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Quilombo dos palmares

Reference: Wikipedia


A quilombo established kingdom

At the beginning of XVII Century, black slaves working on sugar cane plantations in the captaincy of Pernambuco, in the Northeast of Brazil, revolted and fled into the mountains. Then they melt Os Palmares In Angola Angola Janga or Nova, around the mountain Barriga, an autonomous territory of freed slaves also lived as Indians, mulattos and many whites. These were deserters or landless.

Gradually, this movement causes a multitude of slave rebellions in neighboring regions. More and more of them are released and join the community of Palmares. It becomes a sort of promised land for slaves and continues to expand, with up to 30,000 members. Freed slaves to reproduce a way of life in community, similar to that practiced by their ancestors on the African land. Everyone plays their part and works for the community. There are no hierarchical organization among members, only a few warlords serve as guides and strategists for defense actions.

Multiple cropping is practiced, varied cereals inspired by African traditions cassava, black beans, corn ... almost non-existent among the settlers. Indeed, the Portuguese were focusing on growing profitable products as easily exported to Europe, producing almost exclusively cane sugar. This variety of productions remain rich in the region.

The Portuguese repression

Violent attacks of the Portuguese army attempting to eradicate the Palmares, but in vain. The insurgent guerrillas in the jungle have because of the experience of the soldiers of the Portuguese crown.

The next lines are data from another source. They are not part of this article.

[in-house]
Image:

Around 1630, the Dutch, who are trying to take Brazil to the Portuguese, progressing from the coast in the north of the country. They try to turn destroy the quilombo, but they are violently repelled. In 1654, they were finally driven from the mainland by the Portuguese.

In 1678, Pedro de Almeida, governor of Pernambuco, which is more favorable to a tender quilombo members and their destruction offers a truce in one of Palmares warlords, Ganga Zumba, assuring him that the insurgents will forgiven and not executed. He agrees.

The head of war that remain the most famous, Zumbi Dos Palmares, urging that the Portuguese Offer is made to end the rebellion and refuses his people to surrender. It takes, in 1680, the head of the resistance against the Portuguese enemy. Fifteen years, the royal troops will be baffled by the force of the amazing Quilombo.

In 1694, supported by heavy artillery, Portuguese commanders Domingos Jorge Velho and Vieira de Mello led the final assault against the Cerca do Macaco, the main center of the autonomous territory. Zumbi managed to escape and take refuge in the Serra Dois Irmãos but eventually die in battle Nov. 20, 1695.

Palmares survivors fled to the captaincy of Paraiba, or melted into the forests of the region, creating new quilombos.



























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